The 90's and early 2000's were a golden era for Japanese sports cars, twenty years on cars from this era are moving up in value, with rare and iconic models now becoming extremely collectible. If you're shopping for a JDM car, a clean example can be very hard to find. There are some specialist dealerships and importers that have made it looks easy for you to have your dream example! But remember, if it seems too good to be true... you should really do your homework first!
This Black 1999 model Nissan Skyline GT-R is currently (January 2017) advertised for sale in the state of NSW, Australia:
You might not realise that the dealership selling this car was raided by NSW Fair Trading in February of 2016 as part of a crackdown on odometer tampering amongst JDM importers. We got hold of the Japanese Auction sheet for this car (per our 48 hour EXPRESS service) to check whether this car is the dream example you've been looking for.
Check out this video in which we run you through the entire auction sheet!:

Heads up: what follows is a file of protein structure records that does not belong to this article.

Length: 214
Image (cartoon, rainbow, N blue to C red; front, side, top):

Per our auction sheet check service, we decided to see what the auction inspector thought of the car at the time it sold in Japan. The vehicle went to auction at USS Tokyo on 22nd September, 2016. At this time it had 44,561 kms on it's odometer. The auction has noted however, that the car has had an aftermarket (NISMO) cluster installed. Since the cluster install was performed by an official dealer a dollar sign is placed next to the mileage reading on the auction sheet and both cluster readings are added together to show the total mileage travelled: 44,561+34,436 = 78,997 kms. If the change has not been performed by an official dealership and/or documentation is insufficient, an asterisk will be placed next to the reading instead - to indicate unknown total mileage. It's no surprise the dealer has failed to note the total mileage on his advertisement, preferring to only list the mileage displayed on the NISMO cluster. They're hoping you'll fall in love with the car and forget to ask questions!
Of more concern however is the fact that the car has been repaired after a decent front-end smash. A few structural components are noted on the auction sheet as showing evidence of repair, which should have excluded the car from being complied in Australia under the Specialist & Enthusiast Vehicle Scheme. Unfortunately it's often the case that the dealers marketing these cars for sale also run or have very close ties with a RAWS workshop for easy compliancing.
If you're looking to invest in a Japanese imported car outside of Japan, don't pay top dollar for a poor example, we can help you check the history and save the headache!